"The central doctrine of Christianity, then, is not that God is a bastard. It is, in the words of the late Dominican theologian Herbert McCabe, that if you don’t love you’re dead, and if you do, they’ll kill you."--Terry Eagleton

"It is impossible for me to say in my book one word about all that music has meant in my life. How then can I hope to be understood?--Ludwig Wittgenstein

“The opposite of poverty is not wealth; the opposite of poverty is justice."--Bryan Stevenson

Sunday, October 23, 2005

Spreading the "gospel"

"Evangelism" comes to English via the Greek word "euangelion", originally "a reward for good news, then simply good news," according to Arndt and Gingrich.

Now, sadly, it means this:

From October 31, 2005, issue of The New Yorker:

[...] The neoconservatives—the Republicans who argued most fervently for the second Gulf war—believe in the export of democracy, by violence if that is required, Scowcroft said. “How do the neocons bring democracy to Iraq? You invade, you threaten and pressure, you evangelize.” And now, Scowcroft said, America is suffering from the consequences of that brand of revolutionary utopianism. “This was said to be part of the war on terror, but Iraq feeds terrorism,” he said.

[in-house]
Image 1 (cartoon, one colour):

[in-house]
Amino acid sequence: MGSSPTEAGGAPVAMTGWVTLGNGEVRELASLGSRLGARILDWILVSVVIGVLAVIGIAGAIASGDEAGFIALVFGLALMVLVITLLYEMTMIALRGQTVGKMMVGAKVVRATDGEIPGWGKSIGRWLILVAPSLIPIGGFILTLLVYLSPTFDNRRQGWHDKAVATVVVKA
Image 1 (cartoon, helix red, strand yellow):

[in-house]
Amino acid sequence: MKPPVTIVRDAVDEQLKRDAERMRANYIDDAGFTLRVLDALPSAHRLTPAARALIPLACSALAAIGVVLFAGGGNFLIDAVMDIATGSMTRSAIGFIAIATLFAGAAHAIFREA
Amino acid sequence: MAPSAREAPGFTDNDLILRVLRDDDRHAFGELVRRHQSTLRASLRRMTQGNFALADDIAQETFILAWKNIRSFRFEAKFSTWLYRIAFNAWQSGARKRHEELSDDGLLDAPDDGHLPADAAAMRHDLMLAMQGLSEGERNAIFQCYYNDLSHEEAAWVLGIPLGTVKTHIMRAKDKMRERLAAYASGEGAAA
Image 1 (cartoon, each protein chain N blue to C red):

Scowcroft was Richard Nixon’s military assistant in the last years of the Vietnam War, and he says, “Vietnam was visceral in the American people. That was a really bitter period, and it turned us against foreign-policy adventures deeply, and it was not until the Gulf War that we were able to come out of that. This is not that deep.” But, he said, “we’re moving in that direction.”
It isn't entirely an accident that the neo-cons are so closely connected with the "religious right" in this country (which, I am tempted to say, is neither).

Nor is it accidental that America feels itself peculiarly positioned to prosecute this war.


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